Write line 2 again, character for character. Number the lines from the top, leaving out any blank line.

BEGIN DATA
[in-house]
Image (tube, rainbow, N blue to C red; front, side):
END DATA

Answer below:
Image (tube, rainbow, N blue to C red; front, side):